It wasn’t until my sophomore year that my school started to offer dance. I walked into the first day of class not knowing what to expect. Initially, when I learned we would be learning ballet, jazz, contemporary, tap, and only spending a little bit of time on hip-hop, I was thrown off. I grew up listening to upbeat music such as hip-hop, pop, cumbia, merengue, etc. I didn’t know much about other kinds of music and dance.
I decided to stay in the class because I wanted to be open-minded and well-rounded in new genres of dance. I learned a lot of the basics of ballet, tap, contemporary, and lyrical, and was surprised at how much I had learned in a year.
I was excited to continue in Advanced Dance my junior year, in which we explored our own movement and researched historical dance figures to examine specific dance genres. The biggest part of this class occurred in the second semester, during which we created an original dance piece to perform at our school’s first-ever dance showcase.
I found a passion for contemporary and lyrical by the time I had to choreograph. I love the fact that movement in these genres especially can tell so much about one’s experiences, one’s story, one’s personality. Dance in general reminds me a lot of my life-long passion for literature because one can analyze a lot in dance pieces, and it allows performers to connect with others, the way an author can provide for a reader.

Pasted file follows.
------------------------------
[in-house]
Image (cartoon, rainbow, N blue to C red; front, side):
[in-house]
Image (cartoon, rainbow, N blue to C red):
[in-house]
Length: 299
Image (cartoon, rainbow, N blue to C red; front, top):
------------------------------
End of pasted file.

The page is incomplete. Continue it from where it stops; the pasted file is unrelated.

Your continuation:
The only rules we had for choreographing were that our piece needed to tell a story and our song had to be instrumental. I chose “Let it Go” from Frozen because, as overplayed as that song was, I found myself getting those three words for advice often, particularly the year I was choreographing. I stress often, and at that point in my life, there were many things I felt I had to let go. Performing was awesome. It was my first solo. It was scary and exhilarating. I loved it.
I continued in Advanced Dance my senior year of high school. I realized that dance is one of my greatest stress-relievers and gives me the chance to show others a part of myself. When choreographing our original piece, we again, had to have a story, and this time, the song had to be from before the 80s, but could be a recent cover.
Throughout senior year, I had been consumed in the college process. I was scared at the thought of being far away from home, leaving the school I had attended for 7 years, and most of all, leaving my mother who had worked so hard to help me be the first in my family to go to college. I knew deep inside of me that I would be going to college far away, so I chose Sia’s cover of “California Dreamin’” to show my anxieties as a first-generation college student and feeling pulled between my own goals and familial and cultural pressures.
The stories I created in my dance pieces were more for me than for the audiences I performed for. No one would be able to guess my reasons for choosing the songs, genres, or movements I did. Dance, for me, is cathartic in nature and makes me feel free. When I dance, I have no worries. When I dance, I am me.Now, as I head off to Williams, I am looking forward to auditioning for dance groups and making more time to grow as a dancer.